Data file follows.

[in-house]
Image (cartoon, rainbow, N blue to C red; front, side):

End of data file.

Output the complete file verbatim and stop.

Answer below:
[in-house]
Image (cartoon, rainbow, N blue to C red; front, side):